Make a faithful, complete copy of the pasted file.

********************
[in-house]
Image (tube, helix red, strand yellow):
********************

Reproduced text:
[in-house]
Image (tube, helix red, strand yellow):